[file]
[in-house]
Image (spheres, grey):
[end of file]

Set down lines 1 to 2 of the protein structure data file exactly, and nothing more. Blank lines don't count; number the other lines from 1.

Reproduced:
[in-house]
Image (spheres, grey):